Funeral Blues by W.H. Auden

Normally, I share a poem on Saturdays. And, I will share a poem tomorrow. But, I find that poetry is particularly good at capturing our love in all its forms. Grief, as I see it, is a painful manifestation of love. 

As I’ve spent this week thinking about Rachel Held Evans and her short, but remarkable life. I wanted to share this poem by W.H. Auden and the clip from Four Weddings and a Funeral that introduced this poem to me.

Again, I want to recognize my own, surprisingly strong, feelings about this woman’s passing without overdoing it. I will not feel her loss as her husband, children, parents and close friends do.

But in honor of their pain and grief, I’d like to send this beautiful poem, which more than many, I think, captures the all encompassing feeling of grief out into the world in her honor and memory.

Funeral Blues
by W. H. Auden

Stop all the clocks, cut off the telephone,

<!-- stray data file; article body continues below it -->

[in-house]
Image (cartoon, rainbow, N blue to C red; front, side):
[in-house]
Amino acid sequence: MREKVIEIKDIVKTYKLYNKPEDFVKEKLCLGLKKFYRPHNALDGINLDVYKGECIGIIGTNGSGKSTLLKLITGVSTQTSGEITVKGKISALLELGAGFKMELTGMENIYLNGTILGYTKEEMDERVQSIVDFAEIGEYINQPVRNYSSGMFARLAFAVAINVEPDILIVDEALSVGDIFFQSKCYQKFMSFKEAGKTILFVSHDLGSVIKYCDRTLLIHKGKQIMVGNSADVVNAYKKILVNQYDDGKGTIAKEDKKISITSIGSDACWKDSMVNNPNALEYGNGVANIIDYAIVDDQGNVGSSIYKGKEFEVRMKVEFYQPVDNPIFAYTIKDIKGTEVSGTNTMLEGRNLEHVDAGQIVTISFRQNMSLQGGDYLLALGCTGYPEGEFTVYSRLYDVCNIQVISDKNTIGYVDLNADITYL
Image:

Prevent the dog from barking with a juicy bone,
Silence the pianos and with muffled drum
Bring out the coffin, let the mourners come.

Let aeroplanes circle moaning overhead
Scribbling on the sky the message ‘He is Dead’.
Put crepe bows round the white necks of the public doves,
Let the traffic policemen wear black cotton gloves.

He was my North, my South, my East and West,
My working week and my Sunday rest,
My noon, my midnight, my talk, my song;
I thought that love would last forever: I was wrong.

The stars are not wanted now; put out every one,
Pack up the moon and dismantle the sun,
Pour away the ocean and sweep up the wood; For
nothing now can ever come to any good.

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